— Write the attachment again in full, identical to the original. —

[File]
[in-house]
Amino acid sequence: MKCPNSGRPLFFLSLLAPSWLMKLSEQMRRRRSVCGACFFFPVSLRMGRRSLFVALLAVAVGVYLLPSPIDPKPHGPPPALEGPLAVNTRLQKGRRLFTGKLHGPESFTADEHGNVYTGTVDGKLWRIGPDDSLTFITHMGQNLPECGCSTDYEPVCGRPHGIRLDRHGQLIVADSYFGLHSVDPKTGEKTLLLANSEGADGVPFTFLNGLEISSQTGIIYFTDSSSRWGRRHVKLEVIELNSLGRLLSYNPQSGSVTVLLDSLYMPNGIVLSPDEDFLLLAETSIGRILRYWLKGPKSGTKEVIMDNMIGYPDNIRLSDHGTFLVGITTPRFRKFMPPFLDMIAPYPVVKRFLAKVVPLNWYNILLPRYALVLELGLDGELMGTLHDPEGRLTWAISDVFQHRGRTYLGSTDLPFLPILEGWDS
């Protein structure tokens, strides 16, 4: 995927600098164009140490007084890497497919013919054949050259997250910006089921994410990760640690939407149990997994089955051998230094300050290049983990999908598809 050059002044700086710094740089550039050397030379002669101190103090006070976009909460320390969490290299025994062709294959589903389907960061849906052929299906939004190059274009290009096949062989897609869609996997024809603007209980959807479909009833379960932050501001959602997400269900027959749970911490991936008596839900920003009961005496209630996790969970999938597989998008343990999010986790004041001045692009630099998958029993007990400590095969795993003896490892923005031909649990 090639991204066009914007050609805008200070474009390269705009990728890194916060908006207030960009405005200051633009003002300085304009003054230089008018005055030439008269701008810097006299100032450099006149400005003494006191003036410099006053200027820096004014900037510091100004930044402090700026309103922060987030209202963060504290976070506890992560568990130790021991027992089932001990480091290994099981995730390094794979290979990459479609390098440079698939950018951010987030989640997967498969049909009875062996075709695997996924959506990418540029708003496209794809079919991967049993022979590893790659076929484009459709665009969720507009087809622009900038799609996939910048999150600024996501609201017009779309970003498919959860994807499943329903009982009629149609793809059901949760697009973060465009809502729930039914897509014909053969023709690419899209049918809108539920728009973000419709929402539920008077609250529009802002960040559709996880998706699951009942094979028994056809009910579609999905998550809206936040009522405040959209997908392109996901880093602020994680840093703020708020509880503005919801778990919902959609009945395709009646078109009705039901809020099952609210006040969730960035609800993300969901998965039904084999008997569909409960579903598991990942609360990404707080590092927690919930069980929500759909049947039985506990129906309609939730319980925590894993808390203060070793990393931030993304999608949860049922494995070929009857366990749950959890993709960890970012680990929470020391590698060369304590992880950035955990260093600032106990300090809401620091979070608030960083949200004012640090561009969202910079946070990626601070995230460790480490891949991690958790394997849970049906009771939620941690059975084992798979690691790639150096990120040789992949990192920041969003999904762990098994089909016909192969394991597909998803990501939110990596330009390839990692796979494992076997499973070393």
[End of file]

[in-house]
Amino acid sequence: MKCPNSGRPLFFLSLLAPSWLMKLSEQMRRRRSVCGACFFFPVSLRMGRRSLFVALLAVAVGVYLLPSPIDPKPHGPPPALEGPLAVNTRLQKGRRLFTGKLHGPESFTADEHGNVYTGTVDGKLWRIGPDDSLTFITHMGQNLPECGCSTDYEPVCGRPHGIRLDRHGQLIVADSYFGLHSVDPKTGEKTLLLANSEGADGVPFTFLNGLEISSQTGIIYFTDSSSRWGRRHVKLEVIELNSLGRLLSYNPQSGSVTVLLDSLYMPNGIVLSPDEDFLLLAETSIGRILRYWLKGPKSGTKEVIMDNMIGYPDNIRLSDHGTFLVGITTPRFRKFMPPFLDMIAPYPVVKRFLAKVVPLNWYNILLPRYALVLELGLDGELMGTLHDPEGRLTWAISDVFQHRGRTYLGSTDLPFLPILEGWDS
């Protein structure tokens, strides 16, 4: 995927600098164009140490007084890497497919013919054949050259997250910006089921994410990760640690939407149990997994089955051998230094300050290049983990999908598809 050059002044700086710094740089550039050397030379002669101190103090006070976009909460320390969490290299025994062709294959589903389907960061849906052929299906939004190059274009290009096949062989897609869609996997024809603007209980959807479909009833379960932050501001959602997400269900027959749970911490991936008596839900920003009961005496209630996790969970999938597989998008343990999010986790004041001045692009630099998958029993007990400590095969795993003896490892923005031909649990 090639991204066009914007050609805008200070474009390269705009990728890194916060908006207030960009405005200051633009003002300085304009003054230089008018005055030439008269701008810097006299100032450099006149400005003494006191003036410099006053200027820096004014900037510091100004930044402090700026309103922060987030209202963060504290976070506890992560568990130790021991027992089932001990480091290994099981995730390094794979290979990459479609390098440079698939950018951010987030989640997967498969049909009875062996075709695997996924959506990418540029708003496209794809079919991967049993022979590893790659076929484009459709665009969720507009087809622009900038799609996939910048999150600024996501609201017009779309970003498919959860994807499943329903009982009629149609793809059901949760697009973060465009809502729930039914897509014909053969023709690419899209049918809108539920728009973000419709929402539920008077609250529009802002960040559709996880998706699951009942094979028994056809009910579609999905998550809206936040009522405040959209997908392109996901880093602020994680840093703020708020509880503005919801778990919902959609009945395709009646078109009705039901809020099952609210006040969730960035609800993300969901998965039904084999008997569909409960579903598991990942609360990404707080590092927690919930069980929500759909049947039985506990129906309609939730319980925590894993808390203060070793990393931030993304999608949860049922494995070929009857366990749950959890993709960890970012680990929470020391590698060369304590992880950035955990260093600032106990300090809401620091979070608030960083949200004012640090561009969202910079946070990626601070995230460790480490891949991690958790394997849970049906009771939620941690059975084992798979690691790639150096990120040789992949990192920041969003999904762990098994089909016909192969394991597909998803990501939110990596330009390839990692796979494992076997499973070393």